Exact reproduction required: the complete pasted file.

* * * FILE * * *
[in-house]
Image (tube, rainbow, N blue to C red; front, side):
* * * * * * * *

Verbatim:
[in-house]
Image (tube, rainbow, N blue to C red; front, side):